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Peter Jausovec
Peter Jausovec

Posted on • Originally published at on

Send a Slack message when Docker images are updated

The Kubernetes labs that are part of the Start Kubernetes course run as multiple Docker images inside a Kubernetes cluster. I wanted a way to notify the users when I push new Docker images to the registry. That way, they can restart the Pods and get the updated images.

The Azure container registry I use to host the images allows me to create webhooks. Whenever you push or delete an image, the container registry sends a JSON payload to a URL of my choosing.

For the course, I am using a Slack workspace. Slack also has support for apps. You can create and add apps to Slack workspaces and give them permission to post messages, for example. One of the Slack apps' features is the ability to use [incoming webhooks]( to post messages to a Slack channel.

For example, you can configure a channel for the incoming webhook and then use a POST request like the one below to send a message to that channel:

curl -X POST -H 'Content-type: application/json' --data '{"text":"Hello, World!"}'[somethingsomething]
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Here's a diagram that shows what I wanted to achieve:

Registry webhook to Slack

The issue I ran into quickly was that I couldn't control the payload that the container registry sends. You can only configure the URL and the headers you want to send. The container registry sends a payload that looks like this:

    "id": "673aeeaa-6493-41d3-bcdd-68242942bcb0",
    "timestamp": "2020-10-14T00:15:02.82330594Z",
    "action": "push",
    "target": {
        "mediaType": "application/vnd.docker.distribution.manifest.v2+json",
        "size": 1778,
        "digest": "sha256:a71f5e4bf56c05a3d6264b8ef4d3bb4c90b4b0af579fedb6ccb68ea59f597435",
        "length": 1778,
        "repository": "startkubernetes/sk-web",
        "tag": "1"
    "request": {
        "id": "adbc2757-8d80-49ac-af5f-ec30e5147bdf",
        "host": "",
        "method": "PUT",
        "useragent": "docker/19.03.13+azure go/go1.13.15 git-commit/bd33bbf0497b2327516dc799a5e541b720822a4c kernel/5.4.0-1026-azure os/linux arch/amd64 UpstreamClient(Docker-Client/19.03.13+azure \\(linux\\))"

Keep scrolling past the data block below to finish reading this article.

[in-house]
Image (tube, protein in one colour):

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However, Slack is expecting a different looking payload. In its simplest form, the Slack message payload looks like this:

  "text": "This is my message"
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Slack also has a Block Kit Builder that allows you to build more complex messages.

In any case, I needed an intermediary that does the following:

  • Accepts the container registry payload
  • Extracts the information (repository, tag, and a timestamp)
  • Creates payload that Slack understands
  • Sends the payload to the Slack incoming webhook URL.

Registry to Function to Slack

That seemed like a perfect use case for a serverless function. The function has an endpoint, and I can use that in the container registry webhook. The webhook sends the container registry payload to my function. In the function, I can write any code I want, modify the payload, and then it to the Slack webhook.

To create the function, I downloaded the Azure Functions VS Code extension, logged in, and I was able to do everything from my editor.

Here's how the function looks like:

const axios = require('axios');
const slackUrl =

module.exports = async function (context, req) {
  let message = JSON.stringify(req.body);

  if (
    req.body.hasOwnProperty('target') &&
  ) {
    const {
      target: { repository, tag },
    } = req.body;
    message = `Pushed image ${repository}:${tag} (${timestamp})`;
  } else {
    context.res = {
      status: 500,
      body: req.body,

      { text: message },
        headers: {
          'content-type': 'application/json',
    .then((response) => {
      context.res = { body: response.body };
    .catch((err) => {
      context.res = {
        status: 500,
        body: err,
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I deployed the function, then updated the container registry webhook to send the payloads to the function URL, and that was it. The container registry webhook has the option of sending a Ping to the endpoint. That way you, can test out the connection. Similarly, if I wanted to test the function-to-Slack connection, I could either send a POST request directly to the Slack, or manually invoke the function.

Every time I make changes to the labs or any code, and when I merge a PR to the main branch, the Github action builds the images and pushes them to the registry. Then, registry takes over, sends the payload to the function and sends the message to a Slack channel.

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